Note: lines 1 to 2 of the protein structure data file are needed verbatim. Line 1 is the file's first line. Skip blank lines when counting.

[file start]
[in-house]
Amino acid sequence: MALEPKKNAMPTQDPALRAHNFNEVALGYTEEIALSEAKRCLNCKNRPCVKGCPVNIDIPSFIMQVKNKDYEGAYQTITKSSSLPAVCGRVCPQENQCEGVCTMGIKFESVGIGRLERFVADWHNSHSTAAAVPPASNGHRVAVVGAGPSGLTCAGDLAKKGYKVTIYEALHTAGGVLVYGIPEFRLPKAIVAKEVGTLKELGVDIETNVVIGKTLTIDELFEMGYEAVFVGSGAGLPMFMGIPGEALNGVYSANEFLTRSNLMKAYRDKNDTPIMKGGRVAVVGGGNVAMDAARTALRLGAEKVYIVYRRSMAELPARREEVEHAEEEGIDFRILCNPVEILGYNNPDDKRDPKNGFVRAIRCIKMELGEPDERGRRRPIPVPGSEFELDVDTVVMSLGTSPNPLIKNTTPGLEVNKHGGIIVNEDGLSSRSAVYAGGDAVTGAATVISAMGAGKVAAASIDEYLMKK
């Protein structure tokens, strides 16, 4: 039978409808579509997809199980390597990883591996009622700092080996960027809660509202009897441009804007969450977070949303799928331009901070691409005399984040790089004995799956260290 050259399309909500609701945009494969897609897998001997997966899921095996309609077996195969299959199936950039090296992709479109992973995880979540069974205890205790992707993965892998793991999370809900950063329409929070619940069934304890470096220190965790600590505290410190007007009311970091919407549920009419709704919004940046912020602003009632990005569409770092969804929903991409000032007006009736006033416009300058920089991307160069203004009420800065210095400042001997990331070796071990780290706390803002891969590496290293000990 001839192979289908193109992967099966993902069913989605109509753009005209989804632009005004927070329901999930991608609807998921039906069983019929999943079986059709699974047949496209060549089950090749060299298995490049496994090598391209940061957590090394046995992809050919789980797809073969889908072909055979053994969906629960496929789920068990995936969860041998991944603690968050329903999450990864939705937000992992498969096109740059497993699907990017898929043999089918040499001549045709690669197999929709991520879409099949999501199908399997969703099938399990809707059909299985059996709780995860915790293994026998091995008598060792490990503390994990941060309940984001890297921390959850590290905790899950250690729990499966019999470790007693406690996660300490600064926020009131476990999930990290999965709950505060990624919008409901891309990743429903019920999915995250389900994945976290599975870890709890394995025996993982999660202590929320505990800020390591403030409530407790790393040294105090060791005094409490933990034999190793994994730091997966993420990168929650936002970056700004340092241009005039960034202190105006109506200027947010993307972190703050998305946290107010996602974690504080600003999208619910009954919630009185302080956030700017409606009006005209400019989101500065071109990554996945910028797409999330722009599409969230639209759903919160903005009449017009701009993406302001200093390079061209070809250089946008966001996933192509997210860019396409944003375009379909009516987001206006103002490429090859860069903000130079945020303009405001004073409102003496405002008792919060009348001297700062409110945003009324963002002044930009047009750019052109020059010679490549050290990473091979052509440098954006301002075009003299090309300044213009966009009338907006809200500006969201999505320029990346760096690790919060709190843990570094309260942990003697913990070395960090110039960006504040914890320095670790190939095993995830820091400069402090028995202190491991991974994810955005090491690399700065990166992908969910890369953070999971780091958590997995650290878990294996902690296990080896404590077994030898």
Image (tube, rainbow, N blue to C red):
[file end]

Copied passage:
[in-house]
Amino acid sequence: MALEPKKNAMPTQDPALRAHNFNEVALGYTEEIALSEAKRCLNCKNRPCVKGCPVNIDIPSFIMQVKNKDYEGAYQTITKSSSLPAVCGRVCPQENQCEGVCTMGIKFESVGIGRLERFVADWHNSHSTAAAVPPASNGHRVAVVGAGPSGLTCAGDLAKKGYKVTIYEALHTAGGVLVYGIPEFRLPKAIVAKEVGTLKELGVDIETNVVIGKTLTIDELFEMGYEAVFVGSGAGLPMFMGIPGEALNGVYSANEFLTRSNLMKAYRDKNDTPIMKGGRVAVVGGGNVAMDAARTALRLGAEKVYIVYRRSMAELPARREEVEHAEEEGIDFRILCNPVEILGYNNPDDKRDPKNGFVRAIRCIKMELGEPDERGRRRPIPVPGSEFELDVDTVVMSLGTSPNPLIKNTTPGLEVNKHGGIIVNEDGLSSRSAVYAGGDAVTGAATVISAMGAGKVAAASIDEYLMKK